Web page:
Articles Posted in Divorce

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Logue v. Comm’r, T.C. Memo. 2017‑234, 2017 WL 5713945 (2017)

 

(a) Facts: The parties entered into a premarital agreement.  The agreement provided, among other things, that the wife would receive, upon divorce, a lump sum of $100,000, plus $10,000 for each year the parties were married.

 

The parties married but divorced after four years.  A separation agreement required the husband to pay the wife $140,000, exactly the amount that the above provision would require for a four-year marriage.  The agreement further provided:

 

The parties each acknowledge that this agreement, and each provision of it, is expressly made binding upon the heirs, assigns, executors, administrators, representatives and successors in the interest of each party.

 

2017 WL 5713945, at *4.

 

A modified separation agreement then reduced the payment from $140,000 to $117,970.97 on the ground that the husband had already paid $22,029.03 in expenses for the wife.  The husband’s total liability, including the expenses, remained at exactly $140,000.  The modified agreement was incorporated into a Texas divorce decree.

 

The husband paid the wife the $117,970.97.  On his next tax return, he took an alimony deduction of $170,000.  Of this amount, $32,000 was for alimony paid to a prior spouse, and $140,000 was for the payments made to the wife.

 

The IRS disallowed the deduction above the $32,000 paid to the former spouse, and the husband petitioned for relief in the Tax Court.

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Davidson v. Comm’r, T.C. Memo. 2018-38, 2018 WL 1611811 (2018)

 

(a) Facts: The parties were divorced by an Arkansas court, and the divorce decree divided the parties’ debt.  Within a few days after the decree was entered the judge sent the parties a letter, which stated:

 

When I made my ruling from the bench last Thursday, I failed to mention the following issues that should be included in the Decree of Divorce:

 

  1. The division of debt ordered from the bench shall be considered as support for Mrs. Davidson [Kelley] and shall not be dischargeable in bankruptcy[.]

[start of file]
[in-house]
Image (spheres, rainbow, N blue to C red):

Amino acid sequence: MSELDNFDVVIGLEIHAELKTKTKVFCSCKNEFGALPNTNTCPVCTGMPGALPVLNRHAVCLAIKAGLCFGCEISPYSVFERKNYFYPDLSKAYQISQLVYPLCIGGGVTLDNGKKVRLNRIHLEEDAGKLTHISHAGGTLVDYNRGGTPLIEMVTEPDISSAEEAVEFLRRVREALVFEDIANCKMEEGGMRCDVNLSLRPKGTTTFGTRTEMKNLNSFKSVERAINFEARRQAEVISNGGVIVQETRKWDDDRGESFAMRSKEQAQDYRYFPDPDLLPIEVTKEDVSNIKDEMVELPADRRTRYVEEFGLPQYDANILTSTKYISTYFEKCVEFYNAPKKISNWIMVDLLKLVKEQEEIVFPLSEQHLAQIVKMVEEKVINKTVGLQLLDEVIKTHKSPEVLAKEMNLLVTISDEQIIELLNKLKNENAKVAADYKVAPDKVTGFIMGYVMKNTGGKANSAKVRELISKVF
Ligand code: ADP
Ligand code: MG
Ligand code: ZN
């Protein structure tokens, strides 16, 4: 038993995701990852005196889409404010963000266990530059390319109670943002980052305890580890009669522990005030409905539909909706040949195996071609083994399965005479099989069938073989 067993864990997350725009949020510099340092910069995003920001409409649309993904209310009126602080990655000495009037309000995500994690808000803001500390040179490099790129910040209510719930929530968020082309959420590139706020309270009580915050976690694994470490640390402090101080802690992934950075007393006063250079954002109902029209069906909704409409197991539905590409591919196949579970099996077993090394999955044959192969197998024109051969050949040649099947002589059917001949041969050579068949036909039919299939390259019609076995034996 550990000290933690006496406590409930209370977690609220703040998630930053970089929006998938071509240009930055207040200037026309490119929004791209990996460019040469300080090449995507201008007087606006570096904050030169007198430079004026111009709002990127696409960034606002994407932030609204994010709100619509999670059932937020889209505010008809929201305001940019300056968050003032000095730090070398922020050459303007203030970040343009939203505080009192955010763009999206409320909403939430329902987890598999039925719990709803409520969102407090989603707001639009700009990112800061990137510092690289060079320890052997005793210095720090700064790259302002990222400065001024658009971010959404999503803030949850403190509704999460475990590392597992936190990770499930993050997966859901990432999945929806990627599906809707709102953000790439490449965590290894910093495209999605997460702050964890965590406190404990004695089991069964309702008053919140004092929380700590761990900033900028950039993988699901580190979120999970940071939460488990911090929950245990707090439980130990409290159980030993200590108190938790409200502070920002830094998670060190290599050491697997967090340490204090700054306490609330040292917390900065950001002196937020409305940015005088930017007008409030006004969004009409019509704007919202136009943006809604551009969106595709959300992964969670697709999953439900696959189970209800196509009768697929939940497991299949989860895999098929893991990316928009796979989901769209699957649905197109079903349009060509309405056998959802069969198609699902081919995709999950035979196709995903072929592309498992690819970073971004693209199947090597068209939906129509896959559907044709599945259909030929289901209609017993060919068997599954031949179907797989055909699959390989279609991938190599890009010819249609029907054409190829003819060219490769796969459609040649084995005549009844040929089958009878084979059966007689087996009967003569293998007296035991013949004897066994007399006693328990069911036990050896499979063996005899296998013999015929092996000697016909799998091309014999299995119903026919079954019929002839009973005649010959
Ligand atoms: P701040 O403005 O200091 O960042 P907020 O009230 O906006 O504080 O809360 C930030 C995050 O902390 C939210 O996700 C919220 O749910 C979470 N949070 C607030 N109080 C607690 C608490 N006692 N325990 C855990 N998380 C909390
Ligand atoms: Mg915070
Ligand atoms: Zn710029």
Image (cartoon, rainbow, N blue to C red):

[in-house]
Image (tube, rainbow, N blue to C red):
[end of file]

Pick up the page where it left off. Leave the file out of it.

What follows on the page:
2018 WL 1611811, at *1.  The court then entered a modified decree, which stated:

 

  1. ALIMONY: In light of the foregoing division of the debts, and real and personal property, and having reviewed all the primary and secondary factors of alimony the Court recited, the Court finds that it is not appropriate to award the Plaintiff [Kelley] alimony in this case. Further, given this Court’s division of the marital property and debt between the parties and because Mr. Davidson’s future income is too speculative to set any kind of time frame on when his income would have to improve for it to inure to the benefit of the Plaintiff [Kelley], the issue of alimony will not be held open to allow Plaintiff [Kelley] to reopen this case and file a petition for alimony in the future.

 

  1. BANKRUPTCY: The division of the debt ordered from the bench shall be considered as support for Mrs. Davidson [Kelley] and therefore shall not be dischargeable in bankruptcy.

 

Id. at *4.

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Recently, Fox 8 reported about cities across the country where divorce is on the rise. Journalist Mary Kay Blakely compared the psychological toll of divorce to a triple coronary bypass. The article noted that divorce was not only expensive, but also complicated and connected to various medical problems. Thousands of people divorce each year. Around 50% of all marriages in the country conclude in a divorce. The United States ranks twelfth in the world for percentages of marriages that terminate in divorce. If you’re considering separating from your spouse, it’s worthwhile to speak to a North Caroline divorce lawyer to know your options.

The composition of our country’s divorced population has transformed over time. Certain cities have seen a huge increase in divorce. A leading genealogy research website called MooseRoots conducted a study of the percentage change of populations in various cities. In its calculation of this change in each state’s divorced population between 1970-2010, three North Carolina cities appeared on list of the top 25 cities.

The North Carolina city that was highest on the list came in at number 4 of all cities listed. It was Greensboro, North Carolina. The percent of those who divorced in 1970 was 3.02. The percentage of divorced couples in 2010 was 10.83. The percentage change between those years was 260.